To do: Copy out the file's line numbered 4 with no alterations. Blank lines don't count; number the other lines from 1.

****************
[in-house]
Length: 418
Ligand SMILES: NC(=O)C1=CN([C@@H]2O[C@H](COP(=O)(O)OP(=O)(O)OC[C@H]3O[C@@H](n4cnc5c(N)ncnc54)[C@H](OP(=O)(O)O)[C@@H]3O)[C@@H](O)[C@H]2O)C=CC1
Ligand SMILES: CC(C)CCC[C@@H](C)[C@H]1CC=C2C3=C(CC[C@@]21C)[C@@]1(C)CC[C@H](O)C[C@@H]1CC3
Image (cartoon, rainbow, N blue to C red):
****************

Ligand SMILES: CC(C)CCC[C@@H](C)[C@H]1CC=C2C3=C(CC[C@@]21C)[C@@]1(C)CC[C@H](O)C[C@@H]1CC3